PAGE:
Biden and Trump Have Similarities on Trade Policy
Author: Greg Valliere
August 28, 2023
AMONG THE IDEAS THEY DEBATED was Trump’s plan to enact a “universal baseline tariff” on virtually all imports to the United States. This idea, which Trump describes as the creation of a “ring around the U.S. economy,” could escalate global economic friction, surpassing the international trade discord that marked much of his first administration, according to critics.
AT THE BEDMINSTER MEETING, the former president called for setting a tariff at 10 percent “automatically” for all countries, a move that experts warn could lead to higher prices for consumers throughout the economy. This has enraged globalists, who contend a tariff would lead to a trade war. Trump has said revenue raised by the tariff would be used to reduce taxes on domestic companies, although it would effectively be a tax on American consumers that would raise their costs.
BIDEN ALSO IS TAKING A HARD LINE ON TRADE with countries such as China, as he rejects trade policy that prevailed in the past few decades. In a front-page Washington Post article this weekend, it appeared clear that the U.S. is willing to embrace a tough stance on trade.
BIDEN HAS MAINTAINED much of Trump’s hardline policies toward Beijing; the Trump tariffs have remained in place. Restrictions on Chinese technology companies have expanded, including a U.S. ban on sales of advanced semiconductors and chip-making equipment to China. The Biden focus is on U.S. workers and manufacturing in the U.S., not abroad.
AS RELATIONS SOURED WITH BEIJING THIS YEAR, Biden prohibited the sale to China of the most advanced U.S. computer chips and last month added a partial ban on American investment in some Chinese technology start-ups.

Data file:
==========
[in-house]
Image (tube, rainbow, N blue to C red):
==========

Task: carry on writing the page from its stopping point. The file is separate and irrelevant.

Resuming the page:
LEFT OUT OF THE PRESIDENT’S STRATEGY, to the irritation of many business groups, have been traditional trade deals, which have given American companies greater access to foreign markets in return for allowing producers in those countries to sell more goods in the United States. The White House says the old approach has cost many American factory workers their jobs, according to the Washington Post article.
BIG TRADE DEADLINES LOOM: They include an effort with Europe to remake the global steel market; negotiations toward an Indo-Pacific Economic Framework (IPEF); and deciding what to do about tariffs on U.S. imports from China. (Commerce Secretary Gina Raimondo is in Beijing now for talks with Chinese officials.)
BIDEN, MEANWHILE, IS SPENDING enormous amounts that he won in legislative victories in 2021-22 he’s spending aggressively on subsidies for domestic semiconductor manufacturing, clean energy programs and public infrastructure. Neither he nor Trump seem to favor sweeping trade deals, and they both are willing to use the tariff weapon as the U.S. seemingly has embraced a tougher trade stance ahead of the 2024 election.
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